Piles of drawings, unopened statements. Placemats and napkins, not yet dirty enough for the laundry. Colored pencils, in varying states of unsharp. A graveyard of curb-ables, another for Craigslist.
A kitchen floor that rivals the backyard. Shoes of all sizes. Socks and legos, cat food, fur. Dried finger paint on a plate. Bags of intentions: to be donated, to be sorted, to be forgotten. Boxes to take to a new mom, to take camping, to eat and fit over one's head as a "motorcycle helmet." A refrigerator full of projects.
Add to this a toddler who Mommies, incessantly. "Mommy. Mommy. Mommy. Mommy." Questions about movies he has never seen. (No. Darth Tater cannot fly.) Also: a part-time job that feels like overtime, everytime. Several bottomless pits of love and intrigue that make up our social circles. A cooperative preschool, cooperative neighborhood and cooperative career. One car with an empty gas tank, bikes that are too hazardous to ride in the summer (no showers at work). Scratched glasses, through which I squint.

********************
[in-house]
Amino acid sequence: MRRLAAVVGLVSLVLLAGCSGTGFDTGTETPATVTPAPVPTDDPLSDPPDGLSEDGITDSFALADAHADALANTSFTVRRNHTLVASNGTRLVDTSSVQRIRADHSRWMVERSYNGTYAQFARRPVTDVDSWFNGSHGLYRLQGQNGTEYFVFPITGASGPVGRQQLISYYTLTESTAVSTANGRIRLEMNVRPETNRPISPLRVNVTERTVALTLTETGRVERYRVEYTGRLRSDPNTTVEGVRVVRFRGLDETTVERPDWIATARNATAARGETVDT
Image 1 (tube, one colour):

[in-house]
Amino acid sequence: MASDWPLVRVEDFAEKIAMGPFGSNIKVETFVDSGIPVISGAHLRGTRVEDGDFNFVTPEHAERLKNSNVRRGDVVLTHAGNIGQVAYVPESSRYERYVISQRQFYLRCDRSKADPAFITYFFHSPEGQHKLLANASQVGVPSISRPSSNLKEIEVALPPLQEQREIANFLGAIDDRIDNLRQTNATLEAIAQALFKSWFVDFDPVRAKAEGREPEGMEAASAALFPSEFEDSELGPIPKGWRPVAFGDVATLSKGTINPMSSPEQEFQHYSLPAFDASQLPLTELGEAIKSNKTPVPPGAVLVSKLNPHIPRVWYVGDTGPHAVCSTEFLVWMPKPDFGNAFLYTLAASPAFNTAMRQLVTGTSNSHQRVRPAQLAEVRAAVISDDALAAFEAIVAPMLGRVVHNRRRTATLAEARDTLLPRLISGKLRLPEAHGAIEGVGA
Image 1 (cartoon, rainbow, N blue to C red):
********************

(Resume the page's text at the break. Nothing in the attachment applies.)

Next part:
If this were a photograph, it would be me, smiling. Surrendering my face to softness, because this is only now. Temporary, but forever.
For the past year and a half, I've been taking fluoxetine, which is the generic form of Prozac. The lowest dose available, every other day (or once every three days). In essence, to counteract my tendency toward extreme expectations, and to cope with the crashing waves of reality that motherhood brings, daily, to my life. Vitamin P, as I affectionately call it, has seemed to make me a better person. Less ambitious, better-natured. More capable of seeing the forest. More apt to raise a glass, half-full. Still. I've been thinking of letting go. Walking without a safety net, for a while. Just to see. Maybe, somewhere along this absurd ropes-course, I've actually learned to deal.
All these piles--they're just piles. Around which we maneuver, day in and day out. And maneuver we must, regardless of recommended daily intakes and actual dosages of happy.